Information Update - Fall 1998

Archivist Attends Rare Book School

This past summer I attended Rare Book School at the University of Virginia in Charlottesville for the second time. Rare Book School was founded in 1983 by Terry Belanger at Columbia University as an adjunct to the library science program. Belanger received an offer from the University of Virginia in Charlottesville to support the school in 1992 after Columbia University terminated the library school. Rare Book School takes place over the course of four weeks; during July and early August and offers more than forty classes.
Class content varies dramatically. There are a few classes dealing with medieval books, and there are courses on computer technology as well as the administrative aspects of Special Collections management. Many classes explore a historical period, however, like Lithography in the Age of the Hand, Press or Japanese Printmaking 1613-1868. Classes meet for a week from 8:30 AM to 3 PM, Monday through Friday, making the course about the equivalent of a full semester class, minus exams.
The first time I attended, I took Introduction to Descriptive Bibliography, which is the fundamental course for rare book studies. In descriptive bibliography we learned basic techniques for analyzing and describing the physical make-up of a book, particularly printed hooks made during the hands press era, up to 1800. We specifically learned how to determine the format of a book (how often the original sheet of paper was folded and how many pages were printed per sheet) and how to determine the book's collation formula (how the folded sheets were combined to create the book). We also learned how to look for variations in the texts. These techniques help to document the printing history of a book, which is useful in determining first editions and ideal state of a book.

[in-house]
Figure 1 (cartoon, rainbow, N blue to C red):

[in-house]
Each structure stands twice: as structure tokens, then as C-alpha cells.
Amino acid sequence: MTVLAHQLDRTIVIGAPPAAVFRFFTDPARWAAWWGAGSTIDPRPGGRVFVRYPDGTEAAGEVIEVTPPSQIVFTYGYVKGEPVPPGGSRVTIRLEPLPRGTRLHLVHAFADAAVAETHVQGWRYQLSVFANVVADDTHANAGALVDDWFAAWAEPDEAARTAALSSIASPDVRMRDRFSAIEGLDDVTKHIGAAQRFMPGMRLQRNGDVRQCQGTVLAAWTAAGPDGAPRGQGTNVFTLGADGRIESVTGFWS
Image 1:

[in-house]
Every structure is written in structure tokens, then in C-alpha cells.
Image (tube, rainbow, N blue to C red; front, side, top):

This year I took introduction to technology in order to better document the medieval books owned by The University. Codicology is the study of medieval books. In this class we learned basic methodology for analyzing and describing hooks created and written by hand before the printing press was invented. It is rare for a medieval book to mention the date it was written or the city or monastery where it was created. By comparing the number of pages sewn together in a gathering, the types of decoration employed, how the page layout was designed, and what style of writing was used, the book historian can localize a medieval book to a geographic area and to a 25 to 50 year time frame.
Besides the wide variety of classes to choose from, we also have interesting housing options. Students taking advantage of university housing have the option of staying in modern dormitories with air conditioning, or of staying on The Lawn. The Lawn is the original student housing designed by Thomas Jefferson. Two ranges of rooms parallel the Lawn which is terminated by the original Library named the Rotunda. The rooms are simple and have been modernized with electricity and a sink. They are furnished with a bed, a desk, a chair, a fan and a rocking chair. It is a UVA, and a RBS, tradition to drag your rocking chair out onto the Lawn and read or chat with your neighbor. Although the weather can be very sultry in Charlottesville in midsummer, the rooms were designed to maximize 'airflow, and the fans are very effective.
Rare Book School is an intense but rewarding experience where one receives a thorough introduction to an aspect of rare book methodology, meets colleagues, and participates in, what one student termed, "summer camp for book geeks."

Michael Knies

Pride, Passion, Promise: Experience Our Jesuit Tradition